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"Convention on Certain Conventional Weapons"

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Model United Nations Urges Ban on Killer Robots


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Posted on 06 April 2015
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by mbolton


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UN Secretary Ban Ki-moon “energized” by students’ “serious discussions” on autonomous weapons systems

UN Secretary General Ban Ki-moon addresses National Model UN conference in the General Assembly Room, 26 March 2015. Photo: NMUN.

In less than two weeks, diplomats from around the world will gather at the United Nations in Geneva to discuss potential global regulations on “lethal autonomous weapons systems” that would be able to select and attack targets without direct human control.

But last week, at the National Model UN conference in New York, attended by some 2,500 undergraduate students from all over the world, a simulation of the UN General Assembly passed three resolutions calling for states to take action to prevent the threat of these “killer robots” to security, human rights and humanitarian law.

Addressing the closing ceremony of the conference, UN Secretary General Ban Ki-moon told students he was “energized by this dynamic gathering” and its “serious discussions” on “cutting-edge issues on the international agenda”, such as “lethal autonomous weapons systems.”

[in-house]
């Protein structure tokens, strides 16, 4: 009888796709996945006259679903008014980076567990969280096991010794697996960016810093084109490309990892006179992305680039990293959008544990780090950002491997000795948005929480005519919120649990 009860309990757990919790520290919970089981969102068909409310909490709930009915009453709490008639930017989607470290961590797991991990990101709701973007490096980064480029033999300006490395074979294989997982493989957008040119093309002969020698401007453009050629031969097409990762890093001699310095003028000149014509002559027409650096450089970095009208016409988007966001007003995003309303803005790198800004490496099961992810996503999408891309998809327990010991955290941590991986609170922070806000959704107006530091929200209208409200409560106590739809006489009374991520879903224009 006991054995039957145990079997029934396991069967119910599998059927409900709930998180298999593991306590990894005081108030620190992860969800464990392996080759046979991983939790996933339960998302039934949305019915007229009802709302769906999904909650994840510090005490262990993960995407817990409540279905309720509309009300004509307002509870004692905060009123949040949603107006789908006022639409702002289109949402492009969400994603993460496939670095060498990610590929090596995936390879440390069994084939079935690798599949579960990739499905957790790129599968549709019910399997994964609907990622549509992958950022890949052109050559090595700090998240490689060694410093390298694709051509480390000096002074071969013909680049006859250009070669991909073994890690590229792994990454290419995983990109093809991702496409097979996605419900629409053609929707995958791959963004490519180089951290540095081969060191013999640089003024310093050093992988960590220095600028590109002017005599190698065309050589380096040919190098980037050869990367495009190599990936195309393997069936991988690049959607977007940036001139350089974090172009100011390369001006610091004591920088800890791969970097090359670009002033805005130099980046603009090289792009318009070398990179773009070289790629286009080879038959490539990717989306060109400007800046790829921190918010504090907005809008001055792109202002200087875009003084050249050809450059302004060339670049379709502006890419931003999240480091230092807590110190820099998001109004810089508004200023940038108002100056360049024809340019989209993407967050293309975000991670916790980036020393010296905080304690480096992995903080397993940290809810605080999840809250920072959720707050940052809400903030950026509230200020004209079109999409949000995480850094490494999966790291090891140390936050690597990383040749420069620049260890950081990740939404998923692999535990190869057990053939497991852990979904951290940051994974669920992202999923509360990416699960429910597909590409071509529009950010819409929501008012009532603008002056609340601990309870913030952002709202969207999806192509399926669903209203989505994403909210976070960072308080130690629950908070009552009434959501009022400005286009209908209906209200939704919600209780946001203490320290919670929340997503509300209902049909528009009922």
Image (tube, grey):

“You are not just leaders of the future – you can start to lead right now,” he told them, “now is the time for your generation to build human solidarity around the world.”

The NMUN NY resolutions defined lethal autonomous robots as “weapons that can select and attack targets independently – without meaningful human input or control”, suggested all countries immediate adopt a national moratorium on such weapons, and urged the negotiation of an international ban through an additional Protocol VI at the Convention on Certain Conventional Weapons (NMUN NY 2015A/GA1-1-1).

Model UN is a simulation of diplomacy, negotiation and decisionmaking by international organizations. Students play the role of diplomats from Member States of the UN and discuss issues at the top of the global policymaking agenda. NMUN NY is one of the biggest undergraduate Model UN conferences in the world.

The students assigned to simulate the General Assembly First Committee – which deals with issues of disarmament and international security – spent several months learning about their countries’ policy positions, the General Assembly and the politics of killer robots. (See for example, their background guide). After debate and drafting in the First Committee, the resolutions were passed by students representing the full plenary body in the actual General Assembly Room at the UN in New York.